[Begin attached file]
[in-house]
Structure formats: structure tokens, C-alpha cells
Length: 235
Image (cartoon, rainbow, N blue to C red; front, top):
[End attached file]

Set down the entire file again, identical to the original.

[in-house]
Structure formats: structure tokens, C-alpha cells
Length: 235
Image (cartoon, rainbow, N blue to C red; front, top):